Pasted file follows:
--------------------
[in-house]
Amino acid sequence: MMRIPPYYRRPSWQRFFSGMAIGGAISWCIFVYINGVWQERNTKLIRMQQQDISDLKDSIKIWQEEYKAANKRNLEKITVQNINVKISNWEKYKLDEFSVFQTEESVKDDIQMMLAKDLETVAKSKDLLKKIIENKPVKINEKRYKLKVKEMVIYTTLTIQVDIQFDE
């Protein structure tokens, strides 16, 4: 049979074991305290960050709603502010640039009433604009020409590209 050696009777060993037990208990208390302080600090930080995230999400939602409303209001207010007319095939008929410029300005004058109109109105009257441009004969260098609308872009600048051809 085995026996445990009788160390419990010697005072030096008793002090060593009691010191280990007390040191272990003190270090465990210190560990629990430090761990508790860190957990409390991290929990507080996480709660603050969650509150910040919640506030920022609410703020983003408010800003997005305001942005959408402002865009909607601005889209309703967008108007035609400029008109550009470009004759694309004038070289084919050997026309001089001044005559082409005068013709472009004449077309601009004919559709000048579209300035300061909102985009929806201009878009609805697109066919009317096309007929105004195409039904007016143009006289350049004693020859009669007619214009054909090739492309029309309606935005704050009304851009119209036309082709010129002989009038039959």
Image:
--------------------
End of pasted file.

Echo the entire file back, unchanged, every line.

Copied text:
[in-house]
Amino acid sequence: MMRIPPYYRRPSWQRFFSGMAIGGAISWCIFVYINGVWQERNTKLIRMQQQDISDLKDSIKIWQEEYKAANKRNLEKITVQNINVKISNWEKYKLDEFSVFQTEESVKDDIQMMLAKDLETVAKSKDLLKKIIENKPVKINEKRYKLKVKEMVIYTTLTIQVDIQFDE
């Protein structure tokens, strides 16, 4: 049979074991305290960050709603502010640039009433604009020409590209 050696009777060993037990208990208390302080600090930080995230999400939602409303209001207010007319095939008929410029300005004058109109109105009257441009004969260098609308872009600048051809 085995026996445990009788160390419990010697005072030096008793002090060593009691010191280990007390040191272990003190270090465990210190560990629990430090761990508790860190957990409390991290929990507080996480709660603050969650509150910040919640506030920022609410703020983003408010800003997005305001942005959408402002865009909607601005889209309703967008108007035609400029008109550009470009004759694309004038070289084919050997026309001089001044005559082409005068013709472009004449077309601009004919559709000048579209300035300061909102985009929806201009878009609805697109066919009317096309007929105004195409039904007016143009006289350049004693020859009669007619214009054909090739492309029309309606935005704050009304851009119209036309082709010129002989009038039959």
Image: